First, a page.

This requires the use of technology to ensure tasks are executed properly and thoroughly. If your Sales Manager doesn’t actively use their CRM and doesn’t have the CRM dashboard up throughout the day, they simply are not doing their job. Today, it is the only way to monitor whether or not your sales team is doing what is asked of them. Look at your Sales Manager’s monitor. If nothing is ever showing beyond their desking module and Youtube, they need to get on board with the program. This means holding themselves accountable, as well as their sales team.
Train the Sales Team
Sales Managers must be the Renaissance men/women of the dealership. They must be steeped in the art of product knowledge, process, customer service, and negotiation skills. Moreover, they must understand how to communicate these skills to their team. If they aren’t training their team to improve, the store will never grow. If they don’t have the skills themselves, they’re too scared to train. If they feel too entitled to hold trainings, they’re the wrong person for the job.
Motivate the Sales Team
Not all Sales Managers have what it takes to motivate others, though they should. It requires they listen to their employees, understand their needs, emphasize the salesperson’s strengths while minimizing their weaknesses, and caring. The last one, “caring”, goes a long way toward motivating others. Moreover, I believe motivating takes regularly performing one-on-one check-ups with the sales team so they can stay on the right track, which allows sales managers to guide them down the most fruitful path for themselves and the dealership.
Taking a “turnover” should not be considered a chore, but an opportunity. Yet, while training dealerships nationwide, I see Sales Managers who seem to be glued to their swivel chair. It would take a crowbar to get them out of their seat to take over on a negotiation. They feel more comfortable relaying information through a mouthpiece salesperson rather than getting up and taking over the deal before it is too late. A good Sales Manager should jump off the starting line at a chance to work with a customer. Many are just too scared or entitled.
This is a no-brainer. Almost all Sales Managers are paid on the gross profit of the showroom floor, so they should stop entrusting the salespeople to do all the sales for them. Writing numbers on a sheet of paper and handing it off isn’t “closing”. Your Sales Managers were brought into the position because this was a strength of theirs, yet they let their sales muscle atrophy behind the desk. Or maybe they never liked the confrontation of a close in the first place. Either way, it is a priority and they cannot hide behind history or salespeople to stop from executing their job to the fullest.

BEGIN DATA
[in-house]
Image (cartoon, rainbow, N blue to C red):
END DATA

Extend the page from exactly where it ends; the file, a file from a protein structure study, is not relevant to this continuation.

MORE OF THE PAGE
Through my travels, I’ve seen Sales Managers that are hands-on, dedicated, educated, and enlightened. I see Sales Managers that understand the showroom, their team, and their product. I see Sales Managers that care about, motivate, and champion others. Unfortunately, I don’t see it as often as I should. Instead, I see Sales Managers that ask for all of the control, yet have none of the expertise to demand said control. This is especially true with Internet Sales. Most Sales Managers simply don’t have the understanding to make educated decisions regarding Internet sales process, structure, templates, or anything else, yet they expect to have power over it. They expect to be the General for something they don’t understand. This cannot happen. Their desire for control over things beyond their knowledge can hinder Internet sales (and Internet/BDC team morale) greatly. Don’t let this be your Sales Manager’s “deal”.
Owners and General Managers should keep a close eye on their Sales Managers as they are one of the most important determining factors to your profitability. Sales Managers can make or break the success of a sales floor (or Internet department). Demand more from your Sales Managers or your store will pay the cost. Are they entitled? Are they scared? Are they reaching beyond their expertise? I see a lot of Sales Managers out there, but I see very little management going on. It’s time to figure out “what’s their deal?”